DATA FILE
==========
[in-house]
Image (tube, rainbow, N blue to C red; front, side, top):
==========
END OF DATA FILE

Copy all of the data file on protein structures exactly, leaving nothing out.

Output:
[in-house]
Image (tube, rainbow, N blue to C red; front, side, top):